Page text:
On Friday the U.S. House of Representatives approved the American Clean Energy and Security Act, legislation to control U.S. emissions of greenhouse gases (GHGs). The vote was 219-212. The bill, which adopts a cap-and-trade program, is supposed to reduce U.S. GHG emissions by 17% below 2005 levels by the year 2020, and by 83% by 2050. It reportedly was 1,021 pages long before a 300-page amendment was added to it at 3AM on the morning of the final vote. Many compromises were made in order to win passage of the bill, including distributing 85% of the emissions allowances for free to various groups, including electric utilities, and giving the Department of Agriculture, instead of EPA, responsibility for certifying emissions offsets. Listening to the debate on the House floor, with some opponents characterizing climate change as a scientific hoax and the bill as an effort to destroy the economy, I was reminded of the dire predictions made by the opponents of the 1990 Clean Air Act Amendments. A group of Nobel prize-winning economists forecast drastic economic consequences, but the Amendments have proven to be one of the most valuable investments the U.S. has ever made in reducing air pollution. A difficult fight awaits the climate legislation in the U.S. Senate where it will be necessary to win 60 votes to block a Republican filibuster. Australia also is having a hard time winning parliamentary approval for its cap-and-trade program to control GHG emissions.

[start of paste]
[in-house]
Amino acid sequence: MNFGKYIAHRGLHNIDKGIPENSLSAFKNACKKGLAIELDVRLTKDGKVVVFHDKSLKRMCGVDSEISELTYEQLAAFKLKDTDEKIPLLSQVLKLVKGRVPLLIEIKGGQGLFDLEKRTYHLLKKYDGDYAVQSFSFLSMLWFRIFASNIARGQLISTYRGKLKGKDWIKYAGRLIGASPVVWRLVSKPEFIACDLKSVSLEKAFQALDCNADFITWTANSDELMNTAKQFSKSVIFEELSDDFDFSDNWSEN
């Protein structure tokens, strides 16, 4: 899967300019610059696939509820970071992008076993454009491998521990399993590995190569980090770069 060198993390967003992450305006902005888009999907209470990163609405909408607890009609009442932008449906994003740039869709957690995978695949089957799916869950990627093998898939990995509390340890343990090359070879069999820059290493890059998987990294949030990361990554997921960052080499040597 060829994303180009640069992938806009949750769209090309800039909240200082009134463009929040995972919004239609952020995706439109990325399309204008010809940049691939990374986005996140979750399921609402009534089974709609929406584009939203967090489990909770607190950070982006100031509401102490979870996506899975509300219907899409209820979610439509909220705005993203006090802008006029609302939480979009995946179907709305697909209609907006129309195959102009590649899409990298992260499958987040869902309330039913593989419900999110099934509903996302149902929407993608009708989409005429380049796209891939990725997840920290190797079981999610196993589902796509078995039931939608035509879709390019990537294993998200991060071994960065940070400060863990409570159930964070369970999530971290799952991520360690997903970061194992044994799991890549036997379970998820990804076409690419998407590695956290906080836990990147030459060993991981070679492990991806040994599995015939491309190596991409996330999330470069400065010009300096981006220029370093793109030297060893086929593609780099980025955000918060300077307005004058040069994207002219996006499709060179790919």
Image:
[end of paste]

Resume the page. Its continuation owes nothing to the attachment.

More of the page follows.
This week EU environment ministers approved a sweeping plan to reduce emissions of sulfur dioxide and other industrial pollutants by nearly a third by the year 2020. It is estimated that the reductions, which will need to be approved by the European Parliament, will provide $38 billion in annual health benefits. The European Commission also announced this week that it will contribute 50 million euros to help China build a pilot carbon capture and storage facility.